Raymond Chandler Short Fiction Analysis
Joseph T. Shaw, editor of Black Mask, the leading pulp detective magazine of the 1930’s, remarked upon receiving Raymond Chandler’s first story that the author was either a genius or crazy. He must have decided in favor of genius, for he accepted “Blackmailers Don’t Shoot” in 1933 and paid Chandler the standard rate of a penny a word, or $180.00.
Chandler reveals in his letters that he taught himself to write for the pulps by reading back issues. He gives full credit to Dashiell Hammett, who wrote stories that commented on contemporary life using the detective story or puzzle framework. Chandler, however, surpasses his mentor in his use of the language. His ability to hear the American vernacular and to transfer it onto the printed page may be his strongest point as a writer. This trait helps to explain Chandler’s often aimless sentences and strange word order. His classical education in England made him aware of the finer points of language and of the uses of slang. His characters reveal themselves through their language. Since his fiction describes the interplay between levels or classes in society, the speech of his characters as identifying labels is paramount.
Chandler’s major themes also deserve consideration. His close examination, in both short stories and novels, of society at large reveals a concern for humanity equal to that of Mark Twain. He wrote in almost every work of fiction about human behavior. True, his characters often came from the criminal element, but his works show that the criminal element (or at least the vices of that element) extends into all levels of society, that greed, pride, and violence have no basis in economic or social status. His revelation of Southern California of the 1930’s to 1950’s offers a view not found in other media of that era.
Chandler’s ability to set a scene or mood is also remarkable. “Red Wind” takes its title from the prevailing weather phenomenon present at the time of the story.There was a desert wind blowing that night. It was one of those hot dry Santa Anas that come down through the mountain passes and curl your hair and make your nerves jump and your skin itch. On nights like that every booze party ends in a fight. Meek little wives feel the edge of the carving knife and study their husbands’ necks. Anything can happen.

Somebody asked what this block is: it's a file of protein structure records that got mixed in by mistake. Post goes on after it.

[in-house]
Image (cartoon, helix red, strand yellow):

Although the wind does not figure in the events of the story, it sets a mood in which the story seems plausible, in spite of several coincidences that the reader may wonder over. As if Chandler realizes this, he seems to joke with the reader:“There’s a hell of a lot of coincidences in all this business,” the big man said. “It’s the hot wind,” I grinned. “Everybody’s screwy tonight.”
Chandler never lets the reader wonder about a room or a house. The unusual Southern California locations for his scenes seem to be designed as if for a Hollywood set.We sat down and looked at each other across a dark floor, on which a few Navajo rugs and a few dark Turkish rugs made a decorating combination with some well-used overstuffed furniture. There was a fireplace, a small baby grand, a Chinese screen, a tall Chinese lantern on a teakwood pedestal, and gold net curtains against lattice windows. The windows to the south were open. A fruit tree with a white-washed trunk whipped about outside the screen, adding its bit to the noise from across the street.
Chandler felt that such detail helped to build character as well as set the scene. He considered that many readers wanted more than the barest plot filled with action, and his success bears him out.
Chandler’s humor is an important element of his work. Perhaps realizing that stories filled with violence and murder need some relief, he frequently allows his narration to entertain the reader. When a man is shot in a bar in “Red Wind,” Dalmas relates that “the guy took a week to fall down.” In describing the beautiful girl in the story, he tells readers: “She had brown wavy hair under a wide-brimmed straw hat with a velvet band and loose bow. She had wide blue eyes and eyelashes that didn’t quite reach her chin.” As a car leaves the scene of a murder, Dalmas “got its license number the way I got my first million.” He doesn’t “like being a witness” because “the pay’s too low.” The humor presented through the first-person narrator makes him human; he remains a believable, if somewhat exaggerated, character; and he remains a stabilizing force in an otherwise inhuman world. Chandler was aware of the extent of the exaggeration called for by the formula. He wrote “Pearls Are a Nuisance” as a deliberate parody of the type.
Chandler’s private eyes invariably find much more action and a more involved plot than the reader suspects, a fact which makes his stories difficult to synopsize. The detective follows one lead to another and ends up walking a narrow path between the mob and the police as new characters appear on the scene. Although the citizen being protected is usually female, Chandler was not afraid to include a woman as the villain. Carol Donovan in “Goldfish” is meaner and tougher than her male rivals, but Carmady (another Marlowe prototype) is equal to the task. Someone else shoots Carol, but only after Carmady has slugged her in the jaw to provide the opportunity.
Chandler is best known as a writer of detective fiction, and he deserves much credit for the phenomenal growth of the genre in popular literature, but his contributions to serious literature and film continue to be recognized by readers and scholars. His revelation of Southern California to the world is unique among his writing peers; his view of human behavior moves his stories into a context encompassing all of the...
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